• Example of idioms: Office 2007Office menu buttonContextual barRich dropdown4. SQL diagnostic manager by Idera (USA): Database performance monitoring and diagnostics.Taken from:10 Best ApplicationUis( )Office 2007 Ribbon Sees Fast UptakeSeveral winners employed a ribbon as their main control, taking a lead from Microsoft Office 2007's new user interface. Considering how revolutionary it is to abandon traditional pull-down menus, having additional applications implement this idea only For decades, we've heard enterprise users say, "just give me a UI that looks like Office." There is definitely much to be said for familiarity and for leveraging users' existing knowledge and expectations, but we've been a bit cautious about following this request for several reasons.Based on this year's winners, however, it seems that the ribbon has legs and transfers beyond its document-editing origins.
  • 2.0contextualnavigation design patterns1) Linkedin: levels – reward2) (public) feedback loop = ouractionswillmodify feature results (zie ook Amazon, BBC)3) (individual) feedback loop = myactionswillmodifyresult: I looked at a book, so I mightalsoconsider…(=Seduction in web 2.0)Zie onderaan bbc artikel
  • ><graphic designQuote: “Regardless of the fidelity, creating a prototype helps us get a closer look at the intended design. The process of building one removes ambiguity by crystalizing a number of decisions into a design that can be experienced, just like the real software.”(designer @ Microsoft, workingon SharePoint 2010)
  • Different possibilities:- Detailedspecification of a single application- Company styleguide- Patternlibrary
  • Hope this was helpfull, and thatyou are ready to getstartedwith HCIDPick up a poster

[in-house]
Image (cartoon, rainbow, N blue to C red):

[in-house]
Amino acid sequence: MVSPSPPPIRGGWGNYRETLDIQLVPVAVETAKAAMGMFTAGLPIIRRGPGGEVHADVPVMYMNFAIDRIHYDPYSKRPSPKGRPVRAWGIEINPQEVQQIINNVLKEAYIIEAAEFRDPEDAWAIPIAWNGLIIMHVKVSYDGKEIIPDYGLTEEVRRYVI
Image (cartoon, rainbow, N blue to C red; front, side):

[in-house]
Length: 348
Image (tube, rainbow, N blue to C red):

• The very basics of human-Centered Interaction Design ( 11/2010)

    1. 1. Human-Centered Interaction Design<br />(the very basics)<br />Contact: Koen Peters| | November 2010<br />
    2. 2. Introduction:Human-Centered Interaction Design<br />
    3. 3. 3<br />Interaction design...<br />It needs to matter to you, but to your customer, it doesn’t matter, because good interaction is natural and should be totally transparent.<br />Source: R. Brummer & S. Emery, 2009<br />
    4. 4. 4<br />
    5. 5. Namahn’sHuman-CenteredInteraction Design Process<br />
    6. 6. Namahn Poster<br /><br />
    7. 7. Overview of HCID techniques<br />Understand<br />Field study<br />Assessment<br />Explore<br />Ideation<br />Storytelling<br />(Mental modeling)<br />Conceptual design<br />Prototyping ( & visual design)<br />Define<br />Engineering specification<br />7<br />
    8. 8.
    9. 9. field study<br />Stills fromKitchenStories (...)<br />
    10. 10. Defining field studies<br />Collecting data in the field<br />cfr. anthropology, ethnography & ethnomethodology<br />Study of…<br />the user<br />in his/her natural habitat (“context of use”)<br />while using the digital product<br />in the present<br />Aka<br />“site visit”<br />“field research”<br />“ethnographic study”<br />10<br />
    11. 11. 11<br />Observationsof pump users, image by Namahn<br />
    12. 12. assessment<br />
    13. 13. IPMM assessment<br />Information Process Maturity Model, by JoAnnHackos<br />13<br />
    14. 14. Usability testing<br />Observation session<br />during which participants interact with (an existing version of) the digital product<br />while performing real-life tasks<br />Following a protocol (test case)<br />Managed and interpreted by a usability expert<br />Typology<br />Formative / summative testing<br />Qualitative / quantitative evaluation<br />14<br />
    15. 15. heat maps, reports from formal testing with eye trackingsource:<br />
    16. 16. 16<br />Testing the design for a mobile application, image by Namahn<br />
    17. 17.